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Hill Life Archive

AFI Docs Features Multiple Oscar Winners

AFI Docs gets underway Wednesday evening at the Newseum with “Best of Enemies,” a documentary feature by Morgan Neville and Robert Gordon. Neville, who won an Academy Award for best documentary feature for “Twenty Feet From Stardom,” in 2014, is just one of the Oscar winners in the film festival’s schedule.

OPM Breach Includes Congressional Staffers (Video)

As government officials answered questions about the recent Office of Personnel Management data breach, former and current congressional staffers processed the notices they are receiving from the agency that they, too, were affected by the breach.

Menendez Will Be Prosecuted in New Jersey With 'Least Disruption' Possible

Despite Sen. Robert Menendez’s request to be prosecuted at the federal courthouse located blocks from the Capitol, the New Jersey Democrat’s corruption trial will take place in Newark.

Marijuana Laws Haven’t Blazed Any Trails on Capitol Hill, Yet

Marijuana may be legal in D.C., but it’s still illegal on Capitol Hill.

Watch Live: House Oversight Hearing on OPM Data Breach

The House Oversight and Government Reform Committee holds a hearing on an Office of Personnel Management data breach announced earlier this month. Reports have linked Chinese hackers to the breach, which may have exposed personal information of more than 14 million current and former government employees.

Roll Call Turns 60

Roll Call celebrates its 60th anniversary Tuesday with the same mission dreamed up by founder Sid Yudain — serving as a hometown newspaper for the legislative community.

Capitol Police Encouraged Not to Go to Press With Problems

Within the institutional hierarchy of Capitol Hill, stepping outside the chain of command to tell your boss’s boss what’s on your mind might seem like a risky idea. But that’s exactly what Capitol Police sources say they have been encouraged to do recently — better that than go to the media.

Jake Tapper Draws Cartoon for the Roll Call 60th Anniversary

You’re surely familiar with CNN’s Jake Tapper, host of the “The Lead” on weekdays and the Sunday show “State of the Union,” but did you remember that he’s also a talented cartoonist who once worked for Roll Call?

In the Beginning, There Was Baseball

Since the first edition of Roll Call was published on June 16, 1955, a big part of the editorial mission has been chronicling life around Capitol Hill, what our founder Sid Yudain referred to as “our little community.”

From Showcasing Sexy Staffers to Boozing With Members, Roll Call Has Endured

When you have 60 years of congressional and journalism history to sort through, where do you even begin? It can be a struggle to fully comprehend every twist and turn, to get your arms around the vastness that is six decades. So I return to Sid.

WMATA Announces Pilot Program for Touch-Screen Displays

Riders at Capitol South might notice something different about the Metro station as they travel to the Capitol this week: A six-foot interactive display.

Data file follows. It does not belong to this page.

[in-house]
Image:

Senators Working to Address Food Service Worker Issue

More than six weeks after reports of low-paid Senate food-service workers shocked lawmakers, senators are in the process of finding the best avenue to address the situation.

A Rough-Sailing Capitol Quip

We don’t want to be a stick in the mud, but before Congress finally decides whether or not to give the President fast-track authority to negotiate a major trade bill, Capitol Quippers ought to have the chance to ply their trade, too.

A League of Their Own Capitol Quip Winner

Congratulations to this week’s winner and thanks to the readers who contributed captions to our Capitol Quip contest.

Senators Looking for Answers on OPM Data Breach

The Democratic Senators from Maryland and Virginia are looking for answers and action from the Office of Personnel Management in the wake of a massive data breach involving personal identifiable information for millions of federal workers.

Ex-Staffer Pleads Guilty After Trying to Frame Carl DeMaio

One of the campaign staffers in the late-breaking scandal that helped sink Republican Carl DeMaio’s 2014 congressional bid pleaded guilty Friday to an obstruction of justice charge for lying to federal agents about the source of a threatening email that he sent himself.

It's Time for the Circulator — on the National Mall

As the sun beat down on the National Mall late Friday morning, District of Columbia officials cut a ribbon in front of a bus parked by the Lincoln Memorial, launching the sixth DC Circulator bus route.

Capitol Police Coordinate With MPD on 911 Gun Call

Responding to a 911 call about a man carrying a gun in his waistband near the Russell Senate Office Building, Capitol Police briefly stopped a retired officer from another law enforcement agency Thursday afternoon. After the officer’s credentials were verified, he was released, according to the department.

Impending Fight Over D.C. Funds Takes First Step

With the appropriations process in full swing, the District of Columbia faces impending congressional attempts to wield power over the District’s federal and local funds.

NYC Firefighters Flock to Capitol, Fighting for 9/11 Health Program

With benefits for 9/11 first responders set to expire at the end of September, dozens of firefighters descended on Capitol Hill Thursday to talk about cancer, Post Traumatic Stress Disorder and respiratory diseases contracted at Ground Zero.

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